Physics and velocity

A core feature of Popmotion is the ability for some animations (decay, spring and physics) to take a velocity parameter.

velocity changes each of these animations in a way that feels natural and visceral.

By passing the velocity of an existing animation to another, we can create natural-feeling transitions. And if that existing animation is pointer, it allows the user to directly affect animations with their own force leading to natural and playful interactions.

Inspect velocity

But how do we get velocity?

Popmotion provides a special type of reaction called value.

import { value } from 'popmotion';

value sits between your action and another reaction (for instance a style setter), and can be queried with get and getVelocity:

const myValue = value(0, console.log);


setTimeout(() => myValue.getVelocity(), 100)

The returned velocity is measured in units per second. Why? Although 60fps is the current common framerate, VR devices support 90+ fps and the iPad Pro delivers a silky 120 frames per second!

To future-proof our code, we decouple velocity from the device framerate, otherwise our animations would run at 1.5x or even 2x the speed on these faster displays.

Using value

value is provided two arguments: A value, and a function to call when this value updates:

const foo = value(0, console.log);

As value is a reaction, it has an update method. We can call it to update the value:


Usually though, we provide the value directly to an action:

tween({ to: 5 }).start(foo);

Like our animations, value can accept objects and arrays:

const xy = value({ x: 0, y: 0 }, console.log);
const foo = tween({
  to: { x: 100, y: 200 }

setTimeout(() => xy.getVelocity(), 100); // Returns as object

Now we know enough about value to get the velocity of our user’s pointer.

Get pointer velocity

Using the example from the previous tutorial, let’s first make a value that updates ballStyler‘s x and y properties:

const ballXY = value({ x: 0, y: 0 }, ballStyler.set);

Now we can replace our startTracking function with this:

const startTracking = () => {

As an added benefit of using value, a value can’t be subscribed to more than one action at a time.

This means that we can stop using pointerTracker to maintain a reference to our active pointer.

Instead, we can either use ballXY.stop(), which will stop the action it’s currently subscribed to. Or, we simply provide it to a different action, which is what we’ll do in the following examples.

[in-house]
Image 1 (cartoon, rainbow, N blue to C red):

For now, amend stopTracking so it queries ballXY‘s current velocity:

const stopTracking = () => {
  const velocity = ballXY.getVelocity();

Using velocity

Three Popmotion animations accept a velocity property: decay, physics and spring.

Let’s modify stopTracking three times, once for each, to see what they each do with velocity.


decay exponentially decreases a velocity over time. It’s a form of the algorithm used in smartphone momentum scrolling, making it a natural-feeling way of slowing something down.

Based on the initial properties and velocity, it’ll automatically calculate a target to animate to.

Using it is as easy as passing our newly-calculated velocity to decay:

decay({ velocity }).start(ballXY);

decay also accepts a modifyTarget function, which is provided the calculated target and returns a new one.

This can be used, for instance, to snap the target to a grid:

  from: ballX.get(),
  modifyTarget: (target) => Math.ceil(target / 100) * 100


spring is a spring simulation using mass, velocity, stiffness and damping. It can be used to simulate a wide variety of spring-feels.

Springs are great for interaction designers because they’re expressive. For instance, you could design a spring that has a stiffness and damping property, but the mass property is based on the relative size of the element moving.

spring has defaults for all properties but you’ll likely want to adjust at least stiffness and damping:

  from: ballXY.get(),
  stiffness: 300,
  damping: 10


The physics animation is the swiss army knife of velocity-based animations.

It offers friction, to and springStrength properties, so it can theoretically be used to create motion similar to decay and spring.

However, decay and spring animations are differential equations that resolve for a given elapsedTime. In practical terms, this means that if you want to change the animation they’re creating, you need create a new animation with the new properties.

These equations are incredibly accurate, offering the smoothest motion and in the near future, will allow these animations to be scrubbable the same way tween is.

Instead, physics is an integrated simulation. This means that, once the simulation has started, its properties can be modified because physics uses its current state to calculate its next

For instance, we can tether a physics spring between the ball and the pointer:

const springTo = physics({
  velocity: ballXY.getVelocity(),
  friction: 0.6,
  springStrength: 400,
  to: ballXY.get(),
  restSpeed: false

  .start((v) => springTo.setSpringTarget(v));


velocity is a key part of creating natural interactions with Popmotion.

Be sure to check out the full docs of value, decay, spring and physics, as there’s much more to each than we’ve been able to cover in this introductory tutorial.